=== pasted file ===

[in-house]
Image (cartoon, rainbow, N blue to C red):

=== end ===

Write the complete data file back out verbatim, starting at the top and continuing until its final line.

[in-house]
Image (cartoon, rainbow, N blue to C red):